During his wife Melinda’s pregnancy, Lyle attended a class for expectant fathers. The facilitator prompted him to visualize quality time with his future child, and he trained his mind on teaching his little boy how to throw a ball. The smell of the leather of a baseball glove and freshly cut grass tickled his nose. When the imaginary boy dropped the ball while lifting it over his shoulder, Lyle comforted him with a, “Chin up, Mikey!” and showed him how to do it right.
But once actual fatherhood came along, the experience shaped up differently than he expected. At first the problem seemed to be merely that the Mikey was too big. At only eleven months old, Mikey was already six foot one and taller than Lyle. A great mass of plush, sweet-smelling baby flesh, he cut a striking figure. He toddled about the house with sudden bursts of energy that sometimes sent him stumbling. The family China never stood a chance.
But the surprises didn’t stop there. Mikey’s first word came one evening when he saw Lyle putting some fish on the grill. Mikey pointed at one of the darkish filets and said, “Mackerel.”
Lyle thought he might have heard wrong. As he studied his son’s giant, guileless face, he felt the prickles of a change of complexion on his own mug—whether to pale or rosy, he didn’t know. Mikey continued pointing and said, almost as if to clarify, “Holy mackerel.”
Another evening Lyle was watching TV in the living room when Mikey lumbered up to him with a jigsaw puzzle. Lyle emptied the pieces from the box onto the carpet, thinking he’d show his son how to put a few together. He sifted through the hundred-odd pieces for a few moments before realizing they were all black—a heftier challenge than he was in the mood for. He was about to start shoveling the pieces back into the box when Mikey set to work, slotting together a first pair with his huge, pillowy fingers. He fished around for more matches, and after eyeing a couple pieces carefully, attached them to the others.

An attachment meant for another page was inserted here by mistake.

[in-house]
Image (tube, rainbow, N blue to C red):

Lyle’s jaw slackened. He felt both amazed and nervous. He had no choice, it seemed, but to shove his hand into the pile of pieces and have a go himself. But the pair he came up with didn’t fit. He fiddled around with a few more only to wind up with the same result. Meanwhile, Mikey had assembled together a large black patch of about fifteen pieces, which sat on the faded carpet staring up at Lyle like a bruise.
Melinda entered the room with a basket of laundry. She sat down next to Lyle checking out her son’s handiwork. “Is Mikey showing you how to make the puzzle?”
“So it appears,” said Lyle, his arms limp at his sides.
“Well, you know what they say about teachers learning from students. I guess the same could be said for parents, right?”
Lyle knew the correct response to the question, and he hoped that one day he would be in full agreement with it. But for the time being—as he looked at Mikey’s large, brilliant head and his plump, tree-trunk-like legs—he could only bring himself to say, “I feel small.”
© Thad Fowler. All rights reserved.